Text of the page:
Ethnographic Fieldwork

In the early design research phase, I investigated the current use of Arduino in the classroom. I conducted ethnographic fieldwork in the context of classrooms. The goal of doing this ethnographic fieldwork was to get a firsthand view of the on-the-ground realities.

Participatory Workshop

To share and enrich the research insights from the fieldwork they were shared during a full-day creative workshop with 4 educational writers/designers at Arduino Education. The goal of this workshop was to build up an experience model as a tool to to connect insights from ethnographic research with design innovations.

Expert Interviews

Seven contextual inquiries with teachers and experts were coducted to verify the concept. The setup of these sessions was to get an understanding of their currenct scenario, introducing the current prototypes and reflecting on how this might change their current practise.


Contextual reference

Video is an interesting medium for the case of physical computing in schools not only because 14-16-year-old students are familiar with various types of video-based media platforms, but it can also give an overview of the rich real-world context in which the technology exists. Video can be used to capture the interaction between the user and the technology. Developments in technology have made it possible to make, stream and record videos at a low cost. The teacher can use video to find an "authentic audience" for their explorations and make visible the "thin slices of learning" (Bruff, 2019, Chapter. 3).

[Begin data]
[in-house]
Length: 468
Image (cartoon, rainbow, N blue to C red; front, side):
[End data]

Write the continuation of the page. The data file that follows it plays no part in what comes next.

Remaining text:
Representations of values

Referring to Bret Victor’s (2012) principles for learnable programming, a core use of different visual representations is thus to make the vocabulary understandable, to let students understand and see what the "words" mean. In our design vision, video is used as a primary tool to make these connections more tangible and understandable. Students may, for instance, learn what HIGH means by seeing it represented in various ways; seeing it as a voltage, using sound, seeing a video of an output, seeing a video of an input, in the context of the learning material and in other contexts from e.g. former students.